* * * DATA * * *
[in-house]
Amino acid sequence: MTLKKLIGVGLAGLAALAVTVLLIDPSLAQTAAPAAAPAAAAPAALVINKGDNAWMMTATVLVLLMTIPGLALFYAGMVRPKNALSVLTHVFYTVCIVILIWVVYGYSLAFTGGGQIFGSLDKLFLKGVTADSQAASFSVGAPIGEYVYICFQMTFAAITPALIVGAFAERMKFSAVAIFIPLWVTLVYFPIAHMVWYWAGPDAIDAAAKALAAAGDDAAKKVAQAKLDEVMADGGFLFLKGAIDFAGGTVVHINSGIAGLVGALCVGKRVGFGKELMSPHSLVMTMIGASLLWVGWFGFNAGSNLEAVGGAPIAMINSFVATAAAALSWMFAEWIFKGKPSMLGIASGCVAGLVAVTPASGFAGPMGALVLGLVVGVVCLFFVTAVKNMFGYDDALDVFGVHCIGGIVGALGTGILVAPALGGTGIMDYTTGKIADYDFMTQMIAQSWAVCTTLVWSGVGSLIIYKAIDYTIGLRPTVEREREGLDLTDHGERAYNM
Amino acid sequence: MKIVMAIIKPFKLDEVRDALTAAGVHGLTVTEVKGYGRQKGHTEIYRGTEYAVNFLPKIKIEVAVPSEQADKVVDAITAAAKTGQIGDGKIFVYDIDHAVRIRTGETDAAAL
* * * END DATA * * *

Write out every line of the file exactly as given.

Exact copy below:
[in-house]
Amino acid sequence: MTLKKLIGVGLAGLAALAVTVLLIDPSLAQTAAPAAAPAAAAPAALVINKGDNAWMMTATVLVLLMTIPGLALFYAGMVRPKNALSVLTHVFYTVCIVILIWVVYGYSLAFTGGGQIFGSLDKLFLKGVTADSQAASFSVGAPIGEYVYICFQMTFAAITPALIVGAFAERMKFSAVAIFIPLWVTLVYFPIAHMVWYWAGPDAIDAAAKALAAAGDDAAKKVAQAKLDEVMADGGFLFLKGAIDFAGGTVVHINSGIAGLVGALCVGKRVGFGKELMSPHSLVMTMIGASLLWVGWFGFNAGSNLEAVGGAPIAMINSFVATAAAALSWMFAEWIFKGKPSMLGIASGCVAGLVAVTPASGFAGPMGALVLGLVVGVVCLFFVTAVKNMFGYDDALDVFGVHCIGGIVGALGTGILVAPALGGTGIMDYTTGKIADYDFMTQMIAQSWAVCTTLVWSGVGSLIIYKAIDYTIGLRPTVEREREGLDLTDHGERAYNM
Amino acid sequence: MKIVMAIIKPFKLDEVRDALTAAGVHGLTVTEVKGYGRQKGHTEIYRGTEYAVNFLPKIKIEVAVPSEQADKVVDAITAAAKTGQIGDGKIFVYDIDHAVRIRTGETDAAAL